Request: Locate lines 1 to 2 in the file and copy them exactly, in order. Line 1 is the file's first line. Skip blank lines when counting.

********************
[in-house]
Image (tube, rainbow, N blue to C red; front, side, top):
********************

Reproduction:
[in-house]
Image (tube, rainbow, N blue to C red; front, side, top):